Checking Out

by Amanda Avutu



An elderly couple, a lady with an oxygen tank, and an ancient woman in the most splendid marigold and red sari walk into a crowded waiting room.

No, it’s not a setup for a terrible joke, although it could be. There were no seats.

A pregnant woman looked up, then down at her belly—exempted.

I stood, taking my place against the wall. The elderly man nodded at me, motioned for his wife to sit. The lady with the oxygen tank and the dazzling ancient woman waited. But the room was a fluorescent still life. Heads bent over iPads, phones, and magazines: distracted into obliviousness.

It wasn’t that they didn’t care; it was that they didn’t notice.

On my way home, I was running behind schedule, but decided to make a quick stop at the grocery store to pick up some fresh fruit for my father-in-law who is coming for an impromptu visit. If I timed it right, I could get back in time to surprise a client ahead of deadline and still get to the dishes before the end of the day.

I did my best supermarket sweep impression, tackling the aisles at mega-speed and, eyeing my small basket, gratefully found an Express lane.

Unfortunately, that was a misnomer. The older woman in front of me was moving like molasses. This is the south, Jersey Girl, I reminded myself. She is older, I added. Have some patience, I chided.

As I put the fruit on the conveyor belt, I was thinking about a new client’s project. As I loaded on the milk and eggs, I was thinking about how I should really clean off our front porch so my father-in-law doesn’t see the weird cardboard contraptions the kids left out in the rain. As I added the French toast sticks to the pile, I was thinking about whether I should’ve gotten waffles, unsure of which toaster item had fallen out of favor. And then, I pulled out my phone and started looking at my emails.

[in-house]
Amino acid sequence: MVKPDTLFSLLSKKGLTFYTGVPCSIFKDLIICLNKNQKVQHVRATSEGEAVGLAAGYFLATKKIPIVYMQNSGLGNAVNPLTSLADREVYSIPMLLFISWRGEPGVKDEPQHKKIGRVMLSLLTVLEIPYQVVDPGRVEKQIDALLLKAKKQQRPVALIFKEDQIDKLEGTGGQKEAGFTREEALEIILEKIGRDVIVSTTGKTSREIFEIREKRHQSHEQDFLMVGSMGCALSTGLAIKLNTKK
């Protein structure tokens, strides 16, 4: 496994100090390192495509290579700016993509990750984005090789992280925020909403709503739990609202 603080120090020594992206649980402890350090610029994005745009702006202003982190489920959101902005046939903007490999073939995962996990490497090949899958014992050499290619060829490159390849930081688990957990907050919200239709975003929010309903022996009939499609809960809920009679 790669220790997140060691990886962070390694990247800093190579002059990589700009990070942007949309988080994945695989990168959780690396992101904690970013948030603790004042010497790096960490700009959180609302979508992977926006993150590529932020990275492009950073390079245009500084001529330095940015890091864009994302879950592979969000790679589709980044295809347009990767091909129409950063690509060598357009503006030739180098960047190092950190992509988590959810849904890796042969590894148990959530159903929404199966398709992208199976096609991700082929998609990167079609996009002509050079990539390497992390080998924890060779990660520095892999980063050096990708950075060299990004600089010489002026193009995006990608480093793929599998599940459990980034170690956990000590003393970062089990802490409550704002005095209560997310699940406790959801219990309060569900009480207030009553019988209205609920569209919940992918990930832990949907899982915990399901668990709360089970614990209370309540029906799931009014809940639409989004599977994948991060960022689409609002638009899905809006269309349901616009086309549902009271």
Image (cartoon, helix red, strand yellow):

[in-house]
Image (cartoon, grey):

I almost missed it.

The woman had walked out of the store, leaving her bagged groceries behind so she could find out why there wasn’t enough money on her card.

Because I was in the grocery store, but really on my front porch, at my breakfast table, and in my office, I almost didn’t realize that $23.10 meant the difference between the woman eating today, or having to wait until a relative deposited money into her account tomorrow.

Her name was Barbara Johnson, which I know because after the cashier ran out to tell her she could take her groceries home, she took my hand and asked for my name. She wanted to add me to her prayer list.

Although I am not given to prayer, I was deeply moved. What a wonderful list to be on. Not someone’s to-do list, to worry about list, or shit-list. I’m on Barbara Johnson’s prayer list. That’s what I’m going to tell my Father-in-law when he jokes about our messy porch, or my kids when they complain that I got French toast sticks instead of waffles. My client will still get his project early, though not quite as early as he might have. But somehow I think if he knew he got bumped from the express lane for Barbara Johnson, he wouldn’t mind one bit.


Welcome to One Good Egg, the Good Egg Branding blog. We’re writers helping social entrepreneurs discover, articulate, and shout their brand stories from the urban-farmed rooftops. We do this because we believe that one good egg can have one hell of an impact. Here we share insights, stories, and advice for (and about) people looking to make a profit and a difference.


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